“When I make gumbo, after I make the roux and it’s nice and dark and I am adding in all my aromatics, I will add in shrimp paste,” said Chef Gulotta. “I can’t cook without shrimp paste now. I grew up always having dried shrimp but now the Vietnamese have taken over the shrimp industry in south Louisiana, so you get these really beautiful dried shrimp. I think it’s a great way to add flavor. You can toast them and dry them and make a beautiful vinaigrette. Fermented black beans are another ingredient I add to my gumbo to enhance the richness. I also use cassia bark, which is Chinese cinnamon. It doesn’t taste like cinnamon but it adds a different kind of spice to the gumbo.”

RELATED: [Infographic] What Southern Revival Means to Food and Beverage Consumers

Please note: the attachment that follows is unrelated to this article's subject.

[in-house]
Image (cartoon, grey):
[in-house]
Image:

Despite New Orleans’ amazingly unique and hyper-local melding of cultural cuisines, there are common flavors and ingredients that bring the city and surrounding regions together under the same “Southern cuisine” roof. “For me, for the New Orleans side of it,” said Chef Gulotta, “there are some currents that run through all of it – smoked meats for instance, like smoked ham hocks, and using them to season greens like collards and mustard greens, which are grown all across the south.” This use of smoke plays a huge part in defining Southern revival cuisine universally across regions. However, smoke is not a one-dimensional flavor and depending on what region is visited, even the specifics of the smoke flavor vary due to chef and/or regional preferences. “We don’t use sweet smoke; it’s mostly pecan or oak,” said Chef Gulotta. “We add it to our foods for a richness and depth of flavor. It doesn’t make it overly smoky, just adds a richness you can’t get any other way. I instinctively add andouille or a smoked ham hock to my dishes to add that richness of flavor.”